Steroid Users in Hall of Fame

Russ HartleyContributor IJune 8, 2009

Many would say that steroids in baseball have put a black eye on the sport. I would have to agree with this statement, seeing how new faces of superstars are now facing steroid allegations.

I am here to explain why players that face these charges should be entered into the Hall of Fame, based on their numbers as active players. I am also going to explain why an asterisk should never be used in the Hall of Fame.

As you read on, I want to remind you that steroid use is cheating, and I don’t—and never will—defend steroids.

This spring, New York Yankees third baseman Alex Rodriguez faced steroid allegations and immediately pleaded guilty to these charges. After these facts were in place (that he tested positive for steroid use in 2003), he came clean, saying he used steroids from 2001-2003 while playing for the Texas Rangers.

Lately, there has been speculation whether those were the only times he took performance enhancing drugs. These questions still need to be answered. There also has been talk of A-Rod, the best active player in baseball, not being accepted into the Hall of Fame because of the steroid use.

If it were up to me, I would put Alex Rodriguez and every player who deserves to be in the Hall of Fame into the Hall of Fame, regardless of any steroid accusations.

Ask yourself this: “Why are steroids wrong in baseball?” My answer is because steroids give a player an advantage over another player, whether it’s in a game or the record book.

I think most of you would agree with that statement. Advantages in baseball and all other sports are used every day and in every game. Whether that is steroids or anything else.

If steroids should count someone out of the Hall of Fame, then any other player caught using an advantage over another player or record should also be stripped of his Hall of Fame honors or be forbidden from entering the Hall.

If anyone is seen using pine tar, he should never be allowed to be in the Hall of Fame because he is putting a substance on the ball that will either make the ball go faster or get a better grip on the bat. That is an advantage over other players and other records.

If someone is seen using a corked bat, he shouldn’t be allowed into the Hall of Fame because that is an advantage over another player or record.

Hall of Famer Mike Schmidt confessed to using amphetamines during his years as a baseball player. Amphetamines are energy boosting substances used to enhance a player's performance. That is why they are banned today in the MLB.

Schmidt is said to be “the greatest third baseman ever to play baseball.” Even though he used amphetamines, he is in the Hall of Fame. That doesn’t make sense to me.

Babe Ruth played on one of the smallest fields during his home run record seasons. Playing in a smaller ball park is an advantage over the home run record. If you are going to put an asterisk next to Barry Bonds, put an asterisk next to Ruth, as he had an advantage over the home run record, just like Bonds did.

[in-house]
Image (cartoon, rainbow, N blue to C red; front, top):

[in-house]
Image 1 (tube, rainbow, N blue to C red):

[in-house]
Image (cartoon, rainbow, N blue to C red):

All past pitchers who played on mounds higher than the mounds today should also have an asterisk next to their names and records. The MLB lowered the mound because the higher mounds gave the pitcher an advantage over the batter.

Advantages in baseball, whether it is steroids, amphetamines, pine tar, corked bats, smaller ball parks, or higher mounds, will be used every day. If you asterisk a player or keep a player out of the Hall of Fame for taking steroids, then take out or put an asterisk next to every player who has ever used an advantage over another player.

Texas Ranger Josh Hamilton is said to be a hero by many of the fans around the MLB. Hamilton is a recovered drug abuser and alcoholic who has come back to baseball. He has produced magnificently this year and last year following his drug recovery.

This player, who used illegal drugs, is said to be a hero, but someone that used steroids is a cheater. Josh Hamilton, a past cocaine addict, is a hero; Barry Bonds, an alleged steroid user, is a cheater.

These are the thoughts around baseball and the fans. Many people would say that Hamilton used illegal drugs, but he didn’t cheat, and Bonds did.

That’s true, but who does a player using steroids hurt? Himself.

Who does a player using illegal drugs, such as cocaine, hurt? Himself, his family, friends, teammates, and everyone else around him.

But to the baseball fans, it is better to take illegal drugs instead of steroids. That does not make any sense to me.

Fans are so against steroids because the thought of injecting a substance into a person’s body is so terrible the player shouldn’t be allowed into the Hall of Fame. But steroids are an advantage over another player or record, and advantages are used all over baseball.

So, if you take a player out of the Hall of Fame because of steroids, then take out every player who had anything to do with having an advantage over a record or another player.

Having an asterisk does nothing to a player, because whether an asterisk is there or not, a person still knows who they are and what they did.

The Hall of Fame should be based on a player’s performance, not his character.